The Court brought clarity that “It must be remembered that the appeals in the case of Cawnpore Club (supra) were filed by the Revenue and merely because the Revenue did not press its appeal in respect of the other aspects of the case and this Court found that the income earned by the assessee from the rooms let out to its members could not be subjected to tax on the principle of mutuality, it would not mean that the other questions which were not pressed by the Revenue in the said appeal stood answered in favour of the assessee and against the Revenue.” and viewed that the said order was only binding upon the parties and could not be taken as a precedent for subsequent cases. The Court particularly referred to Patna Golf Club Limited v. Commissioner of Income Tax-I, 2016 SCC OnLine Pat 2067.
Court’s Elucidation of Precedent – Ratio Decidendi
Following B. Shama Rao v. Union Territory of Pondicherry, (1967) 2 SCR 650, the Court reiterated that ratio decidendi of a judgment was binding as a precedent. Reliance was placed on Dalbir Singh v. State of Punjab, (1979) 3 SCC 745 for a binding precedent. The Court listed 3 basic ingredients in every decision:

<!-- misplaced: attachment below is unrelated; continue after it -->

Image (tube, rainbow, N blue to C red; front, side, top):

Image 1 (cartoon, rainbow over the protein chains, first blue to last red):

findings of material facts, direct and inferential. An inferential finding of fact is the inference which the Judge draws from the direct or perceptible facts;
statements of the principles of law applicable to the legal problems disclosed by the facts; and
judgment based on the combined effect of (i) and (ii) above.